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Roll up, roll up, shouts the cybersecurity tout at the conference. “Are you ready to be dazzled by our GDPR product, service and expert?” We smile, groan or “tut tut.” We watch, listen, agree to a meeting, or scold and walk away. Everyone’s an expert these days and all products solve the problem of GDPR, or at least that’s what we’re being told.
Whether this is the case or not, we can be sure of one thing. The General Data Protection Regulation (GDPR) will come into force in less than a year’s time, on May 25th 2018, and it will replace the existing data protection framework under the EU Data Protection Directive.
Personally, I see this as a good thing. But, many business owners in my network are concerned, and regularly ask me: What exactly does this mean? How does it change things? Who will be affected? How much will it cost to become compliant? How long will it take to become compliant? Will those huge fines really be levied?
Cybersecurity professionals ask me: Does it present an opportunity for us in cybersecurity? Can it enable better protection for all data, improved security processes, increased budgets, and access to the top table? And, can we trust the GDPR vendors, service providers and so called “experts” to help us navigate the regulation and implement changes?
Having performed research, accessed my own trusted sources for answers, and listened to knowledgeable professionals discuss this at conferences recently, like Quentyn Taylor, Dhivya Venkatachalam, Dane Warren, and David Joao Vieira Carvalho, I want to share my findings with you.
Let’s start by examining, albeit briefly in this post, what the GDPR is, and what it aims to do.
What is the GDPR? The GDPR is a regulation that’s been in the making for years. It’s been created to modernise and simplify data protection for international business by unifying regulation within the EU, and to give control back to EU citizens and residents over their personal data. It applies to all companies that collect and process personal data of EU citizens and residents. And, essentially, it’s become the first global data protection law with time specific breach notification guidelines, and potential hefty sanctions for non compliance.
The GDPR specifies many requirements, is complex, and subject to interpretation, but the areas that seem to be causing debate amongst those made accountable for it are those that deal with new obligations on such matters as: data subject consent, data anonymisation, data breach notification, data mapping, cross-border data transfers, data privacy by design, liabilities for data controllers and processors, and the appointment of Data Protection Officers (DPOs). The reasons why are obvious – these requirements involve major operational reform.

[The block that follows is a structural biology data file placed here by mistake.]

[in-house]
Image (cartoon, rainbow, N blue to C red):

Let’s look at them in a bit more detail.
Data privacy and data protection. The GDPR is only interested in personal data, which it defines as “any information relating to an identified or identifiable natural person,” and as a result it’s doing two things. Firstly, it’s adjusting the balance between data privacy and data protection. Secondly, it’s broadening the definition of personal data and bringing new kinds of personal data under regulation.
For example, it considers any data that can be used to identify an individual (data subject) as personal data, i.e. direct identifiers like a name, home address, photo, email address, ID number, bank details, posts on social networking websites, plus online identifiers such as IP addresses, cookies, RFID tags, mobile device IDs, etc. It also outlines special provisions and compliance requirements for “sensitive personal data”which include genetic data, biometric data, health data, religious or philosophical beliefs, trade union membership, and data relating to sexual orientation, race, ethnicity, political opinions, and so on.
Consent to collect and use personal data. Under the GDPR all organisations collecting personal data must be able to provide proof that consent was given. This needs to be explicit and specific for the exact purpose for which the data is held or processed. This means that going forward they’ll need to be able to explain what personal data will be collected, how it will be processed, and how it will be used. It also means that they’ll need to interrogate all the personal data they currently hold electronically and non electronically, and find out whether they’ve the right level of consent, and if they don’t, they’ll have to delete it.
The right to be forgotten. The GDPR requires organisations not to hold personal data for any longer than is absolutely necessary, not to change the use of the personal data from the purpose for which it was originally collected unless consent is given, and to be able to delete any personal data at the request of the data subject.